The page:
Updated November 24, 2020 - 4:45 pm
The Metropolitan Police Department on Tuesday urged Nevadans to be safe during the upcoming holiday season, both while protecting themselves from the coronavirus and protecting packages from porch thieves.
“2020 has been a trying year for everybody. The impacts of COVID-19 and what it’s doing to individual families and to communities and to businesses can’t be understated,” Capt. Nicholas Farese said during a press conference in an east valley neighborhood on Tuesday afternoon. “With that being said, we want our community to be able to celebrate the holiday season in a safe and efficient manner.”
Farese said the department expects the coronavirus pandemic and Gov. Steve Sisolak’s directions to stay at home as much as possible to lead to an increase in online shopping. While more people may be at home to discourage porch thefts, Farese said people should still be vigilant about gifts arriving on doorsteps, especially the week following Black Friday and Cyber Monday.
“Thieves know when packages are coming,” he said. “And they actively drive around neighborhoods such as the one we’re standing in right now, looking for packages on stoops.”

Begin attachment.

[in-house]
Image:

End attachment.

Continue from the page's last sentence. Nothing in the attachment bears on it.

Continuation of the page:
He said online shoppers should plan to be home when packages are being delivered, or ask friends, neighbors or family members to pick up packages if they’re unable to. Some online retailers, such as Amazon, also use lockers at designated locations for package pickup so that boxes are not left in the open.
After the holidays, Farese said Nevadans shouldn’t “advertise your trash to bad people.” If someone gets a large gift, such as a TV or laptop, Farese said the boxes should be broken down and placed in trash bags so that people passing by don’t know what is in your home.
As the governor on Sunday issued a three-week “statewide pause” with stricter requirements for mask usage and crowd sizes, Farese said shoppers can practice social distancing while avoiding packages in the mail through curbside pickup. For those who do go into stores, Farese asked shoppers to be aware of their surroundings, keep valuables out of sight if left in a car and to adhere to health measures.
Farese said the department on Saturday started it’s 2020 “Holiday Initiative,” during which uniformed and plainclothes officers throughout the valley will have a higher presence in “areas that are high value targets for criminals,” such as shopping malls and department stores.
He said that if holiday shoppers notice a larger police presence, it doesn’t mean a crime is happening.
“We are there to keep you and the patrons and the community safe,” he said.
Farese said it was too early to tell if a particular area of the valley has experienced an increase in crime as the holidays approach. But since the initiative started Saturday, police have made a “significant arrest” involving people suspected of “targeting big box stores to commit burglaries and to target people with packages.”